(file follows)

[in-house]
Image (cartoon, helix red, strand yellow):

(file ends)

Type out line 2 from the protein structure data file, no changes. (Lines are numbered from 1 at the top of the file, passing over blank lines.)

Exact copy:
Image (cartoon, helix red, strand yellow):